A progressive-adjustable fossil fuel federal tax of $1/gal to $3/gal would be a much better solution. The money would stay home and could be used to accellerate the production and use of alternative cleaner energies. The BHH alliance will not allow such common sense transition. Be prepared for more GHG and fluctuating higher OIL prices for the next three years.

Why Canada has flip-flopped on Kyoto has little to do with Kyoto’s effectiveness.

Canada’s national government is very weak. Kyoto was a tool of Quebec to get votes and “moral leverage” for parties that support increased transfer payments to the Quebec government (that is, welfare to the Quebec government).

This scam worked because Quebec has hydroelectricity to sell while Alberta has oil sands and Ontario relies on smokestack industries.

So Quebec just used Green votes and the righteousness of Kyoto supporters to get more money for Quebec and elbow room for Quebec separatists.

If Quebec supporters get enough clout to actually enforce Kyoto restrictions on Alberta, then Albertans will be the bad guys since they’ll need to split the country.

And even though Quebec has condemned Alberta and Ontario for their fossil-fueled industrial practices, Quebec is always the first in line at the ‘Pay’ window to get lots of that “dirty” money from Ontario and Alberta.

"(a) Canada is one of very few countries that actually stands to gain from global warming"

?!

That's pretty short-sighted, at best (and I say that as a Canadian).

If most of the rest of the planet is screwed, we are too; we don't like in a bubble..

Jay Dayer, your conspiracy theory might seem plausible on paper, but it is just not reflected by this thing we call reality.

I'm sure it plays well in Alberta, though.

What I wrote above is the truth about Canadian federal politics.

It’s not fiction from a conspiracy of Albertans.

But that’s what Michael G. Richard is claiming.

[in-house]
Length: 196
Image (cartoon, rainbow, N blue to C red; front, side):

I’ll repeat this truth again: Quebec (i.e., the politicians that represent Quebec interests) use Kyoto to get Green votes for parties that support more transfer payments to Quebec. Those parties are the Liberals, the Bloc Quebecois, and the NDP. Because of Canada’s absurdly obsolete and corrupt party discipline, after Greens vote for one of these parties, those party members vote like robots to support the rest of those parties’ policies for increased transfer payments to Quebec (among others). It’s obvious political calculation to even superficial Canadian political observers, and one of the many many failures of the bad Canadian system.

I only hope that when the Canadian federal system finally breaks (that is when one of the provinces finally tells an uncompromising federal government that it won’t accept federal authority), that the federal government will peacefully and rightfully make adjustments to this reality.

We know there are numerous ways that Quebec won’t accept federal government intervention. And Albertans won’t submit their resources to federal government control, Kyoto or otherwise - No way, no how. The Ontario government (where I’m coming from – not Alberta) is only now starting to protest the “shakedowns” of Ontario taxpayers by the federal government.

Polluting Alberta (+ adjacent northlands to the Artic Ocean and all provinces eastward) to extract and export fossil fuel from Tar Sands for short term gains is not justified.

Burning that stuff in oversized gas guzzlers south of the border will spread pollution all across north America. How much damage will an extra 2 to 5 000 000 barrel/day do during the next 10/20 years. It may be more of a poison pill than a helping hand to our good friendly neighbour.

Sharing short term gains with other Provinces and Northern Territories will not make the GHG from Tar Sands more acceptable.